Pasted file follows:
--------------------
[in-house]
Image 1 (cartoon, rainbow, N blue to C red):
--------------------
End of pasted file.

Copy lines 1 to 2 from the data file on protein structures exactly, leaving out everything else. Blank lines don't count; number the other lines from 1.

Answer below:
[in-house]
Image 1 (cartoon, rainbow, N blue to C red):